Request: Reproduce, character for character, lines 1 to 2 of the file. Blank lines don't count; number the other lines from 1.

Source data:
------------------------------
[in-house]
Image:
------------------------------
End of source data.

[in-house]
Image: